## Abstract

The laser, first operated in 1960, produced light with coherence properties that demanded explanation. While some attempted a treatment within the framework of classical coherence theory, others insisted that only quantum electrodynamics could give adequate insight and generality. The result was a sharp and rather bitter controversy, conducted over the physics and mathematics that were being deployed, but also over the criteria for doing good science. Three physicists were at the center of this dispute, Emil Wolf, Max Born’s collaborator on a canonical text on optics as a branch of classical electromagnetism, Roy J. Glauber, a student of Julian Schwinger and a high-energy particle theorist, and Leonard Mandel, both experimentalist and theorist and versed in the physics of photodetection. The story told here is thus one of three distinct research trajectories and of the explosion that occurred when, pushed into the well-financed field of laser studies, these trajectories collided.

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## Notes

Controversies with these two features are, of course, common in the history of science. See Dascal (1998).

See Milonni (1984).

Hasok Chang makes a plea for this sort of situation in Chang (2011).

The history of this experiment and the controversy it aroused are described in Silva and Freire (2013). Some minor mistakes in the description of the Brown–Twiss paper of January 1956 are corrected in

*Historical Studies in the Natural Sciences*Volume 45, #3 (2015).Mandel and Wolf themselves would reverse their opinion, based on Smith and Williams, in an article submitted in February 1963 (Mandel and Wolf 1963, p. 1315).

Golay was at Perkin-Elmer, an important laser firm.

Bracewell’s definition of the degree of coherence is so much like that of Wolf, which I discuss below, that it is worth knowing why he does not cite Wolf.

Wolf discusses his collaboration with Born in detail in Wolf (1983).

Wolf gives some of the progress of his thinking in the 1999 lecture “The Development of Optical Coherence Theory” (Wolf 1999).

See, for example, Wolf (1954).

Even in 1963, Wolf would remark “there seems to be a considerable lack of agreement about the precise meaning of the term ‘coherence’. Yet, in the domain of classical optics, a considerable clarification of this term has been obtained ... and a theory has been formulated which provides a satisfactory description of the majority of coherence effects ... from thermal sources” Wolf (1963b), quotation on p. 29.

Wolf (1963b), quotation on p. 30. This same generalizing tactic is also notable in Wolf’s earlier papers.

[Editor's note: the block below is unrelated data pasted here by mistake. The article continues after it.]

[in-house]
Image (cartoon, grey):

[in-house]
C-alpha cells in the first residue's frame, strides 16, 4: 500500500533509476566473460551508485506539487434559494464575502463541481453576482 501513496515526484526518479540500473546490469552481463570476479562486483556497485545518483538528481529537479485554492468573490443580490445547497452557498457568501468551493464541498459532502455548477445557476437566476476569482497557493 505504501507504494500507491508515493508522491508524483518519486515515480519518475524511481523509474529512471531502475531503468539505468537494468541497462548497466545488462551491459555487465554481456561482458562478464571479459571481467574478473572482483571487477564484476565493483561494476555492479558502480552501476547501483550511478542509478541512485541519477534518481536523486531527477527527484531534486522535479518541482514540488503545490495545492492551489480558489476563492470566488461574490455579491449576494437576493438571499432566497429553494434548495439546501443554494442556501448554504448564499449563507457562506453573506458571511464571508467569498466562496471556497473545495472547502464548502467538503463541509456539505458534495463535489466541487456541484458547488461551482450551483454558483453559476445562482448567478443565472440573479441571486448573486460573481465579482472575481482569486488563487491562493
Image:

Mandel (1954). This, of course, is similar to the pre-World War II papers on how Brownian motion limits the accuracy of galvanometers.

For example, Mandel (1955).

Mandel (1958), quotation on p. 1038. Historical treatments of the wave-particle duality generally treat the pre-World War II period and include Folse (1985), Duncan and Janssen (2008) and Camilleri (2006). For aspects of Mandel’s encounter with Louis de Broglie’s brand of wave-particle dualism, see my manuscript, “Leonard Mandel and Experimental Tests of Quantum Mechanics,” available from the Center for History of Physics at the American Institute of Physics.

Because the uncertainty principle requires that the uncertainty in any one of the three spatial dimensions multiplied by the uncertainty in the conjugate component of the momentum must be equal to or larger than

*h*, the cell must be at least of size \(h^{3}\).Mandel’s use of statistical mechanics may reflect an influence of Reinhold Fuerth, an authority on classical and quantum statistics, who was at Birkbeck College when Mandel studied there and whom Mandel thanks “for some valuable discussions” (Mandel 1958, p. 1046).

Mandel (1961), quotation on p. 797. This high degeneracy was the reason Mandel and Wolf initially thought that the laser would show the HBT effect.

Magyar and Mandel (1963). The paper may be one of many indications of Mandel’s experimental prowess, for the ruby lasers were markedly ill-behaved. Subsequent papers would engage fully with Dirac.

David Kaiser describes life for young theorists at the Institute in these years in Kaiser (2005, pp. 87–93).

Bokulich (2008) discusses precisely this issue.

See the discussion of insight (i.e., understanding), and some references to the literature, in de Regt (2014).

See also note 8 on p. 2534 of his “Quantum Theory of Optical Coherence” (Glauber 1963b).

But Mandel’s conclusion (p. 65) would be “Although semiclassical theories have had considerable success in accounting for many observed effects, ... they fail completely in other cases, and no evidence exists that should cause us to think of giving up Q.E.D. in favor of a semiclassical theory.” See also my discussion of Edwin Jaynes’ crusade against QED in Bromberg (2006).